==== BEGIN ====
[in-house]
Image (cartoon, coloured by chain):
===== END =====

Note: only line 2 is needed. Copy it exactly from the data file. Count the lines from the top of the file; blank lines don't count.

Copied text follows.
Image (cartoon, coloured by chain):